August 26 is the 100th anniversary of women’s suffrage in the United States.
Don’t be confused by the term “suffrage.” It has nothing to do with “suffering.”
Suffrage means the right to vote in a public election.
On August 26, 1920, the 19th Amendment was added to the U.S. Constitution (the highest law in the United States), making official (legal) the right for women to vote. (An amendment is an addition to a legal document.)
Although there was no federal (national) law on women’s suffrage before 1920, some individual states gave women full or partial (some) voting rights. That’s because U.S. national elections are largely controlled by individual states.
By 1919, 15 states had given women full (complete) voting rights, with 13 in western states or territories (parts of a country before it becomes a state).
Wyoming, for example, had full women’s suffrage by 1870. There was a good reason for this policy (rule). Leaders in Wyoming hoped to attract (make it more appealing for) more women to move there.
In those days, the western state of Wyoming was a place with very few people, and most of those were men, so women were sorely (badly) needed!
In other parts of the country, women could vote for local (their own town/city) or state elections, but could not vote for national leaders, such as the President of the United States and member of Congress (national elected officials).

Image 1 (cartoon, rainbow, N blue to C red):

But on August 26, 1920, that changed. That didn’t mean, however, that all Americans could vote.
African Americans and other minorities were still barred (not allowed) from voting in many states due to (because of) a series of other laws. (I discuss these laws in Cultural English 298.)
It wasn’t until 45 years later, with the 1965 Voting Rights Act, that all Americans citizens’ (people officially belonging to a country) ability to vote was protected (defended) by the federal government.
Many brave American women tried to get the vote long before 1920, most famously Susan B. Anthony, whom we discussed in our Cultural English 233.
Anthony was arrested (put in prison) for her efforts. Interestingly, last week President Trump officially pardoned (legally forgave) her for her “crime,” 114 years after her death.
As we sometimes say, “Better late than never!” (better to do it late than not at all).
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